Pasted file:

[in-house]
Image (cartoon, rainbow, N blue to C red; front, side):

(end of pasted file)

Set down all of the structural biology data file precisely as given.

[in-house]
Image (cartoon, rainbow, N blue to C red; front, side):